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BALTIMORE, MD - OCTOBER 02:  Wide Receiver Derrick Mason #85 of the New York Jets has a long gain against the Baltimore Ravens when the Baltimore Ravens host the New York Jets at M&T Bank Stadium on October 2, 2011 in Baltimore, Maryland.  The Ravens defeated the Jets 34-17.  (Photo by Al Pereira/New York Jets/Getty Images)

Jets Didn’t Stop Being Fun: They’re Just Losing

We've been trying to get everyone to relax a little bit about the Jets. Sure, they've lost three in a row, but they were losses to good teams, on the road, and the schedule only gets easier from here. But the narrative arc on these things requires an Icarus storyline, so that's what's happening now: The Jets and Rex Ryan had too much success, too fast, and now they're being taken down by hubris. It's not really true, but it is a narrative, and it's more fun to deal with narratives than simply take dispassionate looks at the schedule.

One of the Jets' "bigger" off-season moves was to bring in veteran wide receiver Derrick Mason. Mason has been a solid, productive player for many years, but now he is quite old: He will be 38 in three months. Thirty-eight is old for a kicker; for a wide receiver, it's rigor mortis. This year, Mason has finally shown his liver spots, catching only thirteen balls for 115 yards. He also was reportedly the leader of a group of receivers who complained about offensive coordinator Brian Schottenheimer's play-calling. When you put those two things together, you get traded or cut. Mason got traded, to the Texans, for a seventh-round pick. This is the NFL. It happens.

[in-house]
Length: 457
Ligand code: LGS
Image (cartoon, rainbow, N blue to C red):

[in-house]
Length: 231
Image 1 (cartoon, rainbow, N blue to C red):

But now everyone's seeing conspiracy or the Jets as bullies, getting rid of a dissenting voice rather than — what everyone really wants, what they're really talking about — firing the offensive coordinator.

The Jets keep looking dumber and dumber on this, denying the existence or impact of events that surely influence their decision-making process. Ryan, as much as he hates to admit it, turns out to be like most other pro football coaches when the temperature flares. He has his limits. And the Jets are not so very different from the other members of the No Fun League after all, despite the happy talk and the be-yourself rhetoric.

Well, maybe. Or maybe the Jets recognized a preseason mistake — Mason was never quite the right fit in the first place, it's now clear — and are correcting it, a process made easier because Mason is openly complaining about his role in the offense. Sure, the other wide receivers might be a bit taken aback, briefly, but they'll get over it. We'd be pretty surprised if we saw Plaxico Burress suddenly claiming the Jets don't respect him. (That guy is lucky to be here, and he knows it.) Rex Ryan is still Rex Ryan, beloved by his players. Brian Schottenheimer isn't — and he's even less beloved by Jets fans — but the Jets are hardly in a position to change offensive coordinators in the middle of the season. They need a better offense: The quickest way to do that, even outside of the troubles he was (probably not really) causing, was to trade their worst wide receiver.

Fact is, the Jets have lost three tough road-games in a row, and everyone's angry and frustrated. They have a home game against Miami this Monday night. If they lose that, it's time to panic. But they're not going to lose that. This is just what happens during a losing streak. It'll be over soon. Relax.

Photo: Al Pereira/2011 Al Pereira